I had lunch the other day at a pocket park near the Silver Lake Reservoir with my retired social worker friend Victor, who maintains a personal regimen of yoga, Qigong, and meditation. Back when he was providing psychotherapy, his preferred modality was Solution-Focused Therapy, a close and Postmodern cousin to Narrative Therapy, my passion of over 20 years. Whatever. Victor and I get to talk shop from many fronts, when we are in each other's company. And we did on Thursday for a good 2 hours.
Along the way, he mentioned that, at some point during this pandemic, he read a book about Kaizen**, an approach to change that (as I understand it) privileges the regularity (as in daily) undertaking of small tasks toward an identified goal over the "size" or "weight" or seeming "significance" of any of the tasks. The point is the cumulative effect the dailiness can have in the creation of new habits. When it was my turn, I provided Victor with a rough-hewn paraphrase of the following statement from a book that upended me 21 years ago and nudged me toward investigating Narrative Therapy in the first place. In Language, Structure, and Change: Frameworks of Meaning in Psychotherapy, authors Jay S. Efran, Michael D. Lukens, and Robert J. Lukens declare that "human beings are fundamentally conservative systems—they easily repeat what they have already done, even if it was only partially or sporadically successful." The repetititiveness alone does not signal pathology. (***A longer citation is below.) Taking fundamental conservativism as a given, I have made peace with change via tiny increments over time, an approach that has served me, in part by allowing me to practice acceptance and self-compassion along the way. (Efran, Lukens, and Lukens also point out that cognition is the behavior of the brain. On that basis, when all I'm doing is just contemplating change, I tell myself I've already begun it.) (A rationalization?)
I left the pocket park, thinking both about several projects that I've been stymied over for days, for weeks (months, years) and about the extent to which my way of undertaking change (when I do) comports with Kaizen. I decided to get more deliberate about it somehow.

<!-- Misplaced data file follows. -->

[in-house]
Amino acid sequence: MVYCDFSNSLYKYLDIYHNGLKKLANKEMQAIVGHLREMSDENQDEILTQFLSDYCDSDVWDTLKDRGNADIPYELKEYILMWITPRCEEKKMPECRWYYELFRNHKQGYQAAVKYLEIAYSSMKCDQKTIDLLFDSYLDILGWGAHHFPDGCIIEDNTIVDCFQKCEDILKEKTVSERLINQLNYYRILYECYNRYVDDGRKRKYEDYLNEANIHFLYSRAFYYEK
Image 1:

And I got back home and planted the Hummingbird Sage**** that my neighbor Jay gave me from his native plant garden over a week ago. (In the interim, I had been cognizing, dontcha know?!)
* I have one required 6-hour Continuing Ed course to take the first week in February, after which I mostly get to choose 30 hours' worth of "electives" between now and December, 2023. A formal course in Eco-Therapy is first on the list! Watch for updates!
** I didn't get the author or title, but if you're interested in knowing which book Victor read about Kaizen, toss me a line at MindBodyLosAngeles@gmail.com. I'll ask him and relay the info! In the meantime, you might launch your own Kaizen program, using material from this article I found online. (Which reminds me, one of my own new personal Kaizen tasks is to pull at least one weed from one garden bed every day. Why am I sitting here typing?)
*** "Sometimes, therapists claim that because a client's behavior pattern keeps being repeated, it must be neurotic or maladaptive. However, human beings are fundamentally conservative systems—they easily repeat what they have already done, even if it was only partially or sporadically successful." The authors go on to give a detailed account of someone, for example, looking in the same places for keys over and over. Then they aver, "This isn't repetition compulsion. It isn't self-sabotage. It isn't attention-getting. It is the conservative system at work. In human affairs, repetition is the rule, not the exception. Therefore, it is novelty of approach that requires explaining" (p. 103). Efran, Jay S.; Lukens, Michael D.; Lukens, Robert J. (1990). Language, Structure, and Change: Frameworks of Meaning in Psychotherapy. New York: W. W. Norton.
**** Both Hummingbird Sage (Salvia spathacea) and Lilac Verbena (Verbena lilacena, potted) attract and support both hummingbirds and butterflies, and as such, are fitting residents in the Ortiz Taylor House atrio butterfly garden.